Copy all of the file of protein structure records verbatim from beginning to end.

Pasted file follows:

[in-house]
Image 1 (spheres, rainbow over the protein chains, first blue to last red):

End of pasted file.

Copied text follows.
[in-house]
Image 1 (spheres, rainbow over the protein chains, first blue to last red):